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© 2023 by Justin Chronister, MD 

What is total shoulder arthroplasty?

 

Orthopedic surgeons perform total shoulder arthroplasty (TSA) to treat severe shoulder pain and lack of motion. During TSA surgery, the surgeon replaces diseased and injured joint components with medical-grade implants designed to appear similar to our normal, healthy shoulder joint. The four important soft tissue stabilizers of the shoulder (often referred to as the rotator cuff) must be functioning well to support the TSA procedure.

With a total shoulder replacement, the surgeon replaces the top of the upper arm bone (humeral head) with a spherical shaped component that fits onto a stem placed inside the bone. The surgeon lines the shoulder’s natural socket (glenoid) with a special plastic (polyethylene) cup and secures it with bone cement.

In the operating room, once the incision is made, the surgeon will use a resection guide to determine the appropriate amount of affected (arthritic) bone to remove from the humerus. In order to prepare the humeral canal for the stem, the surgical team uses various tools to create a space for the stem. After preparing the canal, the surgeon prepares the glenoid socket for the plastic component. The glenoid component looks similar to a concave dish that may have multiple posts or a central keel on the back (convex) side of the implant. The surgeon then attaches the component to the shoulder socket with bone cement.

Common Causes of Shoulder Pain

Osteoarthritis (OA) is sometimes called degenerative arthritis because it is a "wearing out" condition involving the breakdown of cartilage and bones. With osteoarthritis, the cushioning cartilage at the end of the humerus may have worn down, making shoulder movement painful as bone rubs against bone.

Shoulder OA commonly occurs many years following a shoulder injury, such as a dislocation, that has led to joint instability and repeated shoulder dislocations ‐ damaging the shoulder to the point that OA develops.

Post-Traumatic arthritis may develop after an injury to the shoulder joint in which the bone and cartilage do not heal properly. The joint is no longer smooth and scar tissue develops. The scar tissue causes pain in the shoulder joint.1

Cuff tear arthropathy may develop after an significant injury to the rotator cuff muscle(s). In the presence of cuff tear arthropathy, multiple bony and soft tissues changes are present which may decrease the function and strength of your arm.

Rheumatoid Arthritis (RA) is an autoimmune disease in which the body's immune response negatively affects the lining of the joints (called the synovial membrane), causing chronic inflammation and pain. The synovium becomes thickened and inflamed. In turn, too much synovial fluid is produced within the joint space, which causes a chronic inflammation that damages the cartilage, and wears out the ball and socket. This results in cartilage loss, pain, and stiffness.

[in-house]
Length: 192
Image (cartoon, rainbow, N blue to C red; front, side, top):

Avascular Necrosis (AVN) results when bone is deprived of its normal blood supply. Without proper nutrition from the blood, the bone's structure weakens, may collapse and damage the cartilage. Since this is most often seen at the ends of bones, your joints may be greatly affected. This is especially true of the shoulder joint and most commonly appears at the top end of the upper arm bone, the long bone that extends from the elbow to the shoulder.

Treatment Options for Shoulder Pain

Take the first step towards returning to the everyday activities you enjoy by scheduling an appointment with a surgeon today. Your orthopedic surgeon will review and discuss their diagnosis with you. Based on his/her diagnosis, your treatment options may include: 

Shoulder implants are designed to enable the joint to move more similar to that of a healthy, functioning joint When speaking with your surgeon about shoulder replacement surgery, it is important to understand the different surgical techniques and options available to you in addressing your joint pain. 

When learning about surgical treatment options, a few common terms to know are TSA, Total Shoulder Arthroplasty, and RSA, Reverse shoulder arthroplasty. Arthroplasty is a medical term used to describe a procedure in which the effected joint is reconstructed or replaced which may allow it to move more naturally after the procedure.

Both, a TSA and RSA are intended to relieve pain and restore some function in the shoulder. The surgical approach, or incision for a TSA and RSA are very similar and involve the restoration of the ball (humeral head) and socket (glenoid implant). There are other surgical options such a hemi arthroplasty (or partial shoulder replacement) where only the humeral head is replaced due to various reasons, an example being avascular necrosis.7

References:
  1. The Arthritis Foundation. What is Osteoarthritis. https://www.arthritis.org/about-arthritis/types/osteoarthritis/.

  2. Rotator cuff tear arthropathy: evaluation, diagnosis, and treatment: AAOS exhibit selection. Bone Joint Surg Am. 2012 Mar 21;94(6):e34. dos: 10.2106/JBJS.K.00746. Nam D, Maak TG, Raphael BS, Kepler CK, Cross MB, Warren RF. https://www.ncbi.nlm.nih.gov/pubmed/22438007.

  3. The Mayo Clinic. Dislocated Shoulder. https://www.mayoclinic.org/diseases-conditions/avascular-necrosis/symptoms-causes/syc-20369859.

  4. The Center for Disease Control and Prevention. Arthritis. https://www.cdc.gov/chronicdisease/resources/publications/factsheets/arthritis.htm